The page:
Calhoun did not live to see the full flowering of his philosophy. He contracted the scourge of the nineteenth century, tuberculosis, probably in 1845, and died of it on March 31, 1850, even as he was conducting a stubborn campaign to open the Western Territories to slavery and defeat Henry Clay’s effort to strike a compromise to contain slavery’s spread. Calhoun’s admirers in South Carolina raised funds to erect a monument to him in Charleston; it was still unfinished when South Carolinians opened fire on Fort Sumter in Charleston harbor and began the Civil War.
Calhoun stands today, as he did in his own time, as the premier defender of white racial supremacy, of slavery as a legitimate labor system, of the triumph of minority factionalism, and ultimately as the intellectual spark to disunion and civil war. He was the anti-Washington, and, for that matter, the anti-Madison and the anti-Lincoln, of American history. When the Supreme Court, in the notorious Slaughterhouse Cases judgment in 1873, successfully crippled the Fourteenth Amendment’s extension “of the common rights of American citizens under the protection of the National Government,” Justice Stephen Field’s dissenting opinion stigmatized that conclusion as “the opinion of Mr. Calhoun and the class represented by him.” Henry Wilson’s History of the Rise and Fall of the Slave Power (1875) pinned “the dissolution of the Union” on the “wrong position” in which Calhoun had “placed the South.” Calhoun’s first major biographer, Herman von Holst, condemned him in 1882 as “interested in nothing outside slavery,” whose defense he raised to the level of “abstraction, as a principle.” W. E. B. Du Bois denounced Calhoun in Calhoun’s own home state of South Carolina in 1946 as one of those “men whose names must ever be besmirched by the fact that they fought against freedom and democracy in a land which was founded upon democracy and freedom. . . . This class of men must yield to the writing in the stars.” And the late Harry Jaffa, defending to the last syllable the reputation of Abraham Lincoln, fingered Calhoun’s writings as “a landmark in the transition from individual rights to group rights” and a repudiation of “constitutionalism and the rule of law.” Calhoun was, for Jaffa, “reminiscent of Hegel” in seeing that human history is the product of “not human art or reason but human passion.”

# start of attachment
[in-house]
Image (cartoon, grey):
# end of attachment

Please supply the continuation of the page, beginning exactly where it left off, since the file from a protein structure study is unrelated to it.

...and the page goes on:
The most recent turn around Calhoun’s memory has been iconoclastic. In 2017, Yale University renamed the residential college it had called Calhoun College eighty-four years before; this past summer, Clemson University removed Calhoun’s name from its honors college; in June 2020, the Charleston City Council voted to remove the statue of Calhoun which stood on a pedestal in Marion Square as a gesture toward “racial conciliation and for unity in this city”; and Fort Wayne, Indiana, is at this moment debating renaming Calhoun Street as a “constant symbol of an oppressive past.”